It is the Way that prevents us from chasing lesser things and it is the Way that enables us to stay true to our purpose and calling.  It is the Way that reminds us of why we actually exist in the first place – to bear witness to God’s love, to make the world a better place for all of God’s children, to enjoy a community where everyone can find and use the gifts God has given them and to help one another live lives that look more like the life Jesus lived and the one he envisions for us. 

We find our way in this complicated time for the Church by living into the rhythms of these convictions – the Way and the pattern of life shaped by gift and responsibility, by confession and forgiveness, by absolution and reconciliation, by salvation through faith  and membership in God’s beloved community. 

Make no mistake, this Way isn’t easy.  It requires a trust and a radical commitment in the victory of God.  But why not – don’t we say that the church is of God and give our lives in the promise that the church, the bride of Christ, will be persevered until the end of time? 

It’s probably unrealistic to think that the anxiety we live with in the church is going away any time soon.  As dramatic as this might seem, the culture will shift again – there will be new challenges and more obstacles, new uncertainties and more chances to live in fear.  

But the way forward is the same as it always been, and it begins with answering a charge – Follow Me.  

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The One Thing You Need: On How To Survive The Feelings

I was in that familiar place the other night.  A long day at work filled with the stress and anxiety that can come this time of year in my chosen vocation had taken its toll. As I sat on the couch, staring at the television in order to get sucked into another story so I could escape mine for at least a few minutes, my wife asked the question – “How are you doing?” I responded with all that I could muster, despite the fact that all that I could muster had been reduced to a broken sentence. “The Feelings, lots and lots of The Feelings”.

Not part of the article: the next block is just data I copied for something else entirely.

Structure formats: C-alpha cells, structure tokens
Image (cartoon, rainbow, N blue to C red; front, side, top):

The Feelings – whether you call them that or not, you know them.  We all do. Any of us who have graduated past the age of five have known them and the situations that create them, cause them and bring them into the center of our lives.  All it takes is having the experience of being knocked around by life a little and knowing all too well the struggle of trying to hold the work stuff and the faith stuff and the family stuff together while trying to live a life of meaning and purpose.

photo-1422284763110-6d0edd657b13

We definitely know The Feelings in my family.  We’ve met them and despite our wishes, they keep coming back to visit even though we’d rather they not. They are messy, they tear things up and they break every rule my mother taught me about being a good houseguest.